by Marcus Harrison Green
Childhood officially ends the moment you learn your friend was murdered.
Before then, regardless of how many years spent bumbling around on this spinning rock, there still exists a faith in the resiliency of tomorrows.
Your heart still clutches tightly to the adolescent conviction that tomorrow’s arrival carries with it hope, and luminous possibilities to vanquish whatever darkness engulfs your today.
But that belief evaporates once you hear the person you roamed high school hallways with, the person who helped an awkward loner endure a terrible high school experience, the person who helped you persist in your seemingly delusional passion for writing, died before his time, killed just a mile from your home.
I found out yesterday that my high school classmate Latrell Willams was identified as the victim in the fatal shooting that took place Tuesday night near the Lakeridge neighborhood. According to police reports, Latrell died after suffering multiple gunshot wounds. No one yet knows exactly what happened, or why, as the case is still ongoing.
Latrell’s fatal shooting was one of three to take place in South King County in a week’s span – receiving scant attention from our political leadership.
Speculation coming from local television stations, neighborhood social media groups, and Next Door haven alike, followed the typical script re-enacted whenever a black male is killed in a shooting in the South End. It must be a gang thing, the victim himself was probably a gangbanger, a thug, or a homeless person in a dispute over drugs. The usual monikers are painted on an unknown murdered black man, his life now a blank canvas colored in by an ignorant perception.
Initially, I gave only a passing thought about the shooting, caught up in the frenzy of a news cycle continuously vomiting up one dismal tale after the next.
My shame came from recognizing that I too had originally dismissed – just another sad tragedy, a story that happens to often- because I, like the others had casually reduced the life of who I thought was an unknown person, to a stereotype.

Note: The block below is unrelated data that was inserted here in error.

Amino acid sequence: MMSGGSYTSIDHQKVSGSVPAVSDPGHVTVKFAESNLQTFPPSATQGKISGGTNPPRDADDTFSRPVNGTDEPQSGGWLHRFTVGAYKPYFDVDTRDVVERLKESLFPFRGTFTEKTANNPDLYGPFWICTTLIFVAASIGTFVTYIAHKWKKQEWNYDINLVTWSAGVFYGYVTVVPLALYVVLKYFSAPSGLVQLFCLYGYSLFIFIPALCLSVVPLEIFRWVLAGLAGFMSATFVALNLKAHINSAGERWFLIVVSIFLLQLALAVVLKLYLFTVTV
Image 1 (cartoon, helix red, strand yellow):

And, while I can’t speak to every aspect of his life, I can testify to those I knew. Latrell was anything but stereotypical.
My mind raced back to our high school days. Like me, Latrell was a black South Seattle bred student exported to a predominantly white, affluent school. Unlike me, he had hit the genetic jackpot. As the star running back our senior year, his muscles seemed constantly pregnant, about to give birth to another. Black Hercules, the “L-Train”, Latrell looked like the love child of granite and titanium.
Despite his talent for athletics, we aligned because we were still two people who never wholly seemed to fit in, unable to completely give away all of ourselves to an atmosphere that rejected a large chuck of our personas.
Each year I did my best to exhaust every absence I could from a school I dreaded attending each morning. I counted down every minute until the clock hit 2:30pm, bringing the sweet salvation of the dismissal bell, and the reprieve it brought from the shame of being black and poor.
But Latrell made my captivity there bearable. The star running back would sit at the cafeteria table with me, right at the exact moment I began thinking I had been placed in contagion because no one dared come within a 10 ft radius.
Naturally laconic, every word he spoke had purpose. He used them to convince a 120 lbs rail thin 5ft nothing senior to join the football team in during my final year of high school – as much as I hate to admit it the best experience of my high school years.